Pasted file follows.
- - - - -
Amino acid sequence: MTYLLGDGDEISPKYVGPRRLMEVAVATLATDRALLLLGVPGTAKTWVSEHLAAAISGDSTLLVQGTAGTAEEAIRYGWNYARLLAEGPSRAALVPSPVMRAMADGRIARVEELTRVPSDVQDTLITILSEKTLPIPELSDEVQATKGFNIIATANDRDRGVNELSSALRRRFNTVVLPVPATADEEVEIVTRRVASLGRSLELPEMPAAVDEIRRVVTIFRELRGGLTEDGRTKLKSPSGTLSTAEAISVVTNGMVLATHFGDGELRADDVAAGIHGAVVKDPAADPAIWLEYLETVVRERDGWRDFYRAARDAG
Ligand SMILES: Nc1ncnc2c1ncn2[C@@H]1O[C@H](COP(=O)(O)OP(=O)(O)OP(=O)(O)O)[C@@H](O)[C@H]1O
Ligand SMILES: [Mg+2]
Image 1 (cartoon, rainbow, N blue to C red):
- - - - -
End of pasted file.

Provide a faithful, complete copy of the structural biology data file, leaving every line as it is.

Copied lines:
Amino acid sequence: MTYLLGDGDEISPKYVGPRRLMEVAVATLATDRALLLLGVPGTAKTWVSEHLAAAISGDSTLLVQGTAGTAEEAIRYGWNYARLLAEGPSRAALVPSPVMRAMADGRIARVEELTRVPSDVQDTLITILSEKTLPIPELSDEVQATKGFNIIATANDRDRGVNELSSALRRRFNTVVLPVPATADEEVEIVTRRVASLGRSLELPEMPAAVDEIRRVVTIFRELRGGLTEDGRTKLKSPSGTLSTAEAISVVTNGMVLATHFGDGELRADDVAAGIHGAVVKDPAADPAIWLEYLETVVRERDGWRDFYRAARDAG
Ligand SMILES: Nc1ncnc2c1ncn2[C@@H]1O[C@H](COP(=O)(O)OP(=O)(O)OP(=O)(O)O)[C@@H](O)[C@H]1O
Ligand SMILES: [Mg+2]
Image 1 (cartoon, rainbow, N blue to C red):